I know, we’re late to the party.

The internet has been very excited about Vincent Baker’s Apocalypse World for some time now, but we’ve only just gotten to play it. I’m not going to spend a lot of time explaining the game, because at this point I figure you’re all familiar with it. What I will do is talk about our thoughts and reactions to it. It was perhaps a less-than-ideal game, too, but it was quite fun.

Due to scheduling fail,[1] we had only a very small group: it was me MCing, and Austin and John playing. On top of that, Austin was playing the Battlebabe and John was playing the Hardholder. This, and the fact that we played only one session, meant that we didn’t get to see and play with a lot of the game. Particularly, the Hx mechanics and special moves didn’t come up—the former because, with two characters, they were a little flat, and the latter because with the Battlebabe, they were nullified. So, I fully acknowledge that there’s a lot about the lateral play of the game that we didn’t get to experience.[2]

The characters

We were, at least, lucky to have those two characters in play. The different characters seem to come with different amounts and kinds of intrinsic motivation, and the Battlebabe is made of too-cool-for-school, so her player has to bring all the motivation. The Hardholder, though, comes with a lot of setting ties and motivation, so John had a lot to go off of at the start. Austin’s character, conversely, was good at providing trouble, which helped keep things moving.

I think that those are, in fact, features of the characters. But like a lot in this game, it’s the product of a delightful sleight-of-hand. John expressed some curiosity at the list of names and list of options for your character’s look, saying that they don’t really do anything. And he’s right. Certainly not in play—but they do a lot to help get you into the Apocalypse World. Even the options you don’t chose, simply by reading them, help form the post-apocalypse in your head. And the same applies to things like the characters’ stats—”I’ve got a high cool. I’ll play that.” And thus, the Battlebabe does what she’s supposed to.[3]

The play

The experience of play was undoubtedly good. A few details in character creation provided just the right place to jump off from, and Austin’s life-long absorption with all things post-apocalyptic provided great flavor. When we had finished, John said, “I want to play again. Right now.” But, for my part at least, while I shared that feeling, it wasn’t because of the crunch.[4] The reason I wanted to play again was the setting and the situation. I think that Baker’s ability to make systems that encourage interesting situation has matured since Dogs in the Vineyard. Certainly, that was an interesting system, but this flowed.

I think that a lot of the most interesting mechanics in the game are in the MC section. It sounded, at times, like a lot of the advice in Graham Walmsley’s Play Unsafe. The explicit space for uncertainty, the encouragement to fuck-with, not fuck-over, the exhortation to say yes-and rather than no-and (which Baker puts quite well as “give them what they want, but not what they expect”). All of these really helped make MCing this game a pleasure.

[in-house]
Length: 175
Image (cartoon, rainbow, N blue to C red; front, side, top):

The author

A lot of the game made sense to us particularly because it was a Vincent Baker game. From John:  “Contextualizing the rules by knowing who wrote them is a new process for me.” For me, as an academic, it’s important to know the source of an analysis, paper, idea, because that gives it a particular context that may prove crucial to understanding it. So, it seems that Baker doesn’t care much about crunch, only mechanics, based on his other games, and as such, the 2d6 used this game, with all of the action and interest pushed to the fiction and the table-dynamics makes perfect sense. And it’s something Baker’s really good at writing and designing.

But I think we at Transneptune care a bit more about crunch. This is probably inherited in part from our experience with The Impossible Dream’s Dread, which has crunch that perfectly captures the feel of the game. It’s a unity of effect thing: we want every detail of the system to point towards the, well, point of the game, even down to the dice you roll. Apocalypse World‘s 2d6 certainly do the job, but they don’t feel very apocalyptic.

This is part of the difference between what Baker thinks of as lines in the dirt, and we think of as fenceposts.[5] John commented at a certain point that the highlighted stats were a very interesting fencepost, but I think he’s wrong. They’re a line in the dirt; they don’t constrain, they remind. Baker’s all carrot, we’re a lot more stick. I think we could stand to learn some more carrot from him, though.

This game encourages in weird ways sometimes, though. We’re not quite sure how or why yet, but it encouraged characterization through undercutting immersion. To quote Austin:  “I felt like this game did call to the curtain a lot. I was aware of the separation between character and player. But actually I felt like it let me play the character more. It was very Tank Girl.” That bears more thought and investigation. In any case, it was cool.

The rest

There are a few more miscellaneous points to make.

John wasn’t really sold on the per-class moves, but he was playing the Hardholder. Not much choice there. But in any case, the moves answer a problem that John doesn’t have. One of the important things that the moves do is provide a list you can look at to help yourself answer “what do I do now?” John, lucky fellow, never finds himself at a loss for an answer to that.

We all loved the manipulation mechanics. They are a perfect blend of obligation and free will, stick and carrot. They’re something we could stand to learn from in Et in Arcadia Ego, a heavily social game that’s bound to have a lot of manipulation.